Shiver by Maggie Stiefvater

Shiver by Maggie Stiefvater

For years, Grace has watched the wolves in the woods behind her house. One yellow-eyed wolf–her wolf–is a chilling presence she can’t seem to live without. Meanwhile, Sam has lived two lives: In winter, the frozen woods, the protection of the pack, and the silent company of a fearless girl. In summer, a few precious months of being human . . . until the cold makes him shift back again.

Now, Grace meets a yellow-eyed boy whose familiarity takes her breath away. It’s her wolf. It has to be. But as winter nears, Sam must fight to stay human–or risk losing himself, and Grace, forever.

Book Overview:

Author: Maggie Stiefvater | Series: The Wolves of Mercy Falls | Format: Audiobook | Narrated By: Jenna Lamia, David LeDoux | Length: 10 hours, 43 minutes | Publish Date: August 1, 2009 | Genre: YA Fantasy/Supernatural | Literary Awards: Georgia Peach Book Award (2010), Pennsylvania Young Readers Choice Award Nominee (2011), Children’s Choice Book Award Nominee for Teen Choice Book of the Year (2010), Florida Teens Read Nominee (2010), Teen Read Award Nominee for Best Read (2010), The Inky Awards for Silver Inky (2010), Lincoln Award Nominee (2012), The Inky Awards Shortlist for Silver Inky (2010), Missouri Gateway Readers Award Nominee (2012) | Rating: ★ ★ ★  | Recommend: Yes

“It is possible to be in love with you just because of who you are.” 

I haven’t read a good werewolf book in a long time, maybe a couple of years ago. This was pretty up there in one of my favorites, and I was extremely happy with the ending.

The premise of this werewolf story was certainly unique for me. In this case, those who were werewolves would shift into their wolf self only when it got too cold. During the winter, they became wolves, and during the summer, they would shift back into their human form. The catch was: that wouldn’t last forever. The time itself would vary, but there would come a time where they would have one final summer to be a human, and they would live out the rest of their days as a wolf, unable to go back to their past life no matter how much they tried.

When Grace was a little girl, she almost died. Twice. The first time was when she was sitting on the tire swing, and she was captured by the wolves. They bit her and almost killed her until one of them saved her. What made that particular wolf save her, she had no idea. It didn’t even seem like she was afraid to die. She was just… waiting. The second time was when her father accidentally left her in his car on the hottest day of the year. The doctors said she should have been dead, but by some miracle, she had survived.

Ever since that fateful night with the wolves, she would look forward to winter, when she would see “her wolf”, the one that saved her life, the one with the yellow eyes that would stare at her from his spot in the forest. She became intrigued by him, almost obsessed. Even her wolf, a boy named Sam, started to feel the same way. He would think about her in the winter when he would watch her, and in the summer when he found out what her name was. They were falling in love with one another from afar, and it was about time they actually met.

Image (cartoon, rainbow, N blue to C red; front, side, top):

“I fell for her in summer, my lovely summer girl,From summer she is made, my lovely summer girl,I’d love to spend a winter with my lovely summer girl,But I’m never warm enough for my lovely summer girl,It’s summer when she smiles, I’m laughing like a child,It’s the summer of our lives; we’ll contain it for a whileShe holds the heat, the breeze of summer in the circle of her handI’d be happy with this summer if it’s all we ever had.” 

One thing that I’m glad the author pointed out was that both Grace and Sam had a sort of obsession with one another. Both of the characters even called themselves out on it, and I’m glad they did. From the outside, it didn’t seem like just an infatuation about the wolves or one another. It got to the point that they just could not leave the other’s side, and hated to be separated. It could be cute, but I also thought it was more of an obsession. Nothing wrong with it, I guess. At least it wasn’t too dangerous.

I think if this happened to be a standalone, I would be mostly happy with the ending. I am curious to know how the series ends, knowing that it’s a trilogy (four books if you include the last one that isn’t about Grace and Sam). Hopefully, it ends on a high note, and I don’t have to stay in my room crying my eyes out like I almost did with this one.

Author Spotlight
Courtesy of Goodreads

Born: in The United States
Twitter: mstiefvater
Genre: Young Adult, Science Fiction & Fantasy, Romance
Goodreads Member Since: June 2008

 New York Times bestselling author of The Shiver Trilogy, The Raven Cycle, and The Scorpio Races. Artist. Driver of things with wheels. Avid reader.

All of Maggie Stiefvater’s life decisions have been based around her inability to be gainfully employed. Talking to yourself, staring into space, and coming to work in your pajamas are frowned upon when you’re a waitress, calligraphy instructor, or technical editor (all of which she’s tried), but are highly prized traits in novelists and artists. She’s made her living as one or the other since she was 22. She now lives an eccentric life in the middle of nowhere, Virginia with her charmingly straight-laced husband, two kids, two neurotic dogs, and a 1973 Camaro named Loki.

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